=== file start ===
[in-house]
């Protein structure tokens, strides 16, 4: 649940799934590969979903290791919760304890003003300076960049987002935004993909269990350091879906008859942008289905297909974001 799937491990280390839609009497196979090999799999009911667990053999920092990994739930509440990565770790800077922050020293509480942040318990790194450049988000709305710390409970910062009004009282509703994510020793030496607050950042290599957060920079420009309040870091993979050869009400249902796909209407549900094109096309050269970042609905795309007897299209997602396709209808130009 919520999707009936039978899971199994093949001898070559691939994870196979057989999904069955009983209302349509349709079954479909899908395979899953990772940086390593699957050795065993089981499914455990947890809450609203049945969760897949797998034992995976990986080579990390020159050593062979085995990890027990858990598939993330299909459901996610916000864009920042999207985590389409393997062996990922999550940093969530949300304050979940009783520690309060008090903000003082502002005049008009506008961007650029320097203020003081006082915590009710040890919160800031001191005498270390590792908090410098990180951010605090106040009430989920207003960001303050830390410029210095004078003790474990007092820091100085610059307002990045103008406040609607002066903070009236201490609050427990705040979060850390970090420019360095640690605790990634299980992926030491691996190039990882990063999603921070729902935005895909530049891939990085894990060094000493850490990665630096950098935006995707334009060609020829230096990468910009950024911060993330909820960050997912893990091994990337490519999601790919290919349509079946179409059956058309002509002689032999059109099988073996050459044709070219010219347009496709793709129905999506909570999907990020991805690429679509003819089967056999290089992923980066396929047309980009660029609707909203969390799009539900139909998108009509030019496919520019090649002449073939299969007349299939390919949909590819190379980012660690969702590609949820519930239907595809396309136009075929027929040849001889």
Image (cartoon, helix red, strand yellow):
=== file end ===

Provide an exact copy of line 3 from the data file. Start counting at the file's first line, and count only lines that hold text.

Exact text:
Image (cartoon, helix red, strand yellow):